Here at Page One Power we are a link building firm, and On-Page SEO is taken for granted. Yet we understand that SEO is a many-pieced puzzle, and that all parts need to be handled appropriately for true optimization. And because SEO is such an in depth process, it’s easy to forget a few basic steps, which can at times be crucial. So to that end, we thought we’d provide a little back to basics reminder for those who might be overlooking the basics of SEO.

On-Page SEO is centered on garnering better recognition for your keywords by increasing search engines’ ability to recognize them. Essentially, you’re making your site easier to read and be recognized by search engines, as well as optimizing your keyword usage. To do this, in simplified language, there are 4 important elements to target for strong and efficient On-Page SEO. These are HTML Head Tags, Body Tags, URL Optimization, and Internal Links.

Keep in mind that before even considering On-Page optimization, you need to have clear and well defined keywords for every page of your website.

HTML Head Tags:

These consist of title, meta description, meta keywords, and rel=canonical.


Title is the most important component of On-Page SEO. Your keyword(s) should absolutely be the first (or as close as you can get it) word or words in the title. This gives your keywords greater weight in search engines and lets them know what your site is about.

Also be wary of length. Many menus and browsers only show around 70 characters when displaying a title so it’s smart practice to keep your title shorter than this.

Meta Description

This is an important element not for SEO purposes but for actual live humans. Remember, no matter how well optimized your site is, if it doesn’t engage a human’s interest, it’s all a waste of time.

The meta description is displayed right after the title by search engines. A better written meta description tag has been shown to increase web traffic and click through rates.

Meta Keywords

Once upon a time meta keywords played a big role in On-Page optimization. Unfortunately they were spammed to the point where search engines began de-emphasizing them. Still, they should be used for your website’s SEO.

Make sure you have a list of you keywords, keyword phrases, and misspelled keywords. Keep it to about 15 words, with the most important at the front. Also, do not repeat any of the words of phrases, keeping each separated by a comma.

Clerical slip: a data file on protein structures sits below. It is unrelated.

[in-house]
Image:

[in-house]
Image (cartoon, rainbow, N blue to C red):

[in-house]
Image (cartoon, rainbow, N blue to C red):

This tag has become more important recently, especially for large websites or businesses. This tag helps eliminate search engine confusion concerning duplicate or similar webpages within the same root domain. Basically, this makes sure that your keyword strength isn’t split by search engines confusing different pages of the same website as separate websites.

Rel=canonical also gives proper credit for original content. So, if someone scrapes your website (steals content with copy and paste, then changes a few words) your rel=canonical tag will let the search engines know that you’re the original creator.

Body Tags:

It’s important to keep in mind a few keyword facts for optimizing body tags.

1) You should only use two to three in-content keywords in a short page, and four to six in longer content.

2) Never use a keyword more than makes sense (or seems organic) in the content.

3) Make sure to use keyword variation (custom T-shirts, customized T-shirts, customize a T-shirt, etc.). This helps your keyword get more recognition while keeping it more natural.

4) Keyword density does not help your SEO. Keyword spamming throughout your page doesn’t help garner better search results, so it should be avoided. It’s not helpful and you can lose credibility with your viewers.

H1 Tag

This is essentially your in-content title (rather than the title of your webpage). So, use it appropriately as a title, but make sure to include your keyword. This is important for both SEO purposes and for content clarity.